A young Steve Stricker looked destined for consistent PGA Tour success after winning twice during the 1996 season, but then he played with a kid named Tiger Woods, and then it all went wrong.
In an essay for The Players Tribune aimed at providing advice for all of golf's burgeoning young talent, Stricker shares the story of how a 1997 Pebble Beach Pro-Am round with Woods, Kevin Costner and Bryant Gumbel shattered his confidence and sent him into a slump for the better part of a decade. From the piece:
You never really forget the first time you hear Tiger hit a golf ball.
Several times, I would really connect with a drive only to be stunned to see that Tiger’s ball had landed 40 to 50 yards beyond mine.
After the first round had ended, I told Nicki, my wife and caddy, what I had been thinking since the moment we left the course: “I can’t compete with that type of game. I just can’t compete with that.”
This was the first big blow to my confidence as a golfer.
Stricker goes on to describe some mixed success through the remainder of the late '90s before he, "during the early 2000s," played "one of the worst professional rounds of [his] career down at Doral, and was just kind of lost."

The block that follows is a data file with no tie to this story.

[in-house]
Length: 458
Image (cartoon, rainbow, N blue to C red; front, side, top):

Worst of all, wrote Stricker, he played that alongside Jack Nicklaus and felt throughly embarrassed.
As I signed my scorecard and prepared to head home for the weekend, I felt a tap on my shoulder.
It was Jack.
“Steve, I’ll see you over on the range. I have a thing or two I want to show you about how you’re swinging the driver.”
A minute or so later, over on the range, Jack stood a few feet away from me, arms crossed, watching me push a tee into the ground. He gave me a few quick tips, and it wasn’t long before I was striping the ball.
Even after the lesson, Stricker eventually lost his card following the 2004 season. It was at that point that he gave up on trying to compete with the likes of Tiger and went back to playing a game more focused on accuracy and his short game.
Stricker, of course, rebounded to win Comeback Player of the Year in 2006 and 2007, and went to pick up another nine PGA Tour victories.
"I want the younger generation to cherish every moment they have on the PGA Tour," Stricker wrote. "I know it’s hard, but they can’t take anything for granted. They can’t chase dollars, whether it’s equipment deals or appearance fees. They can’t let anything change the game that brought them to the top."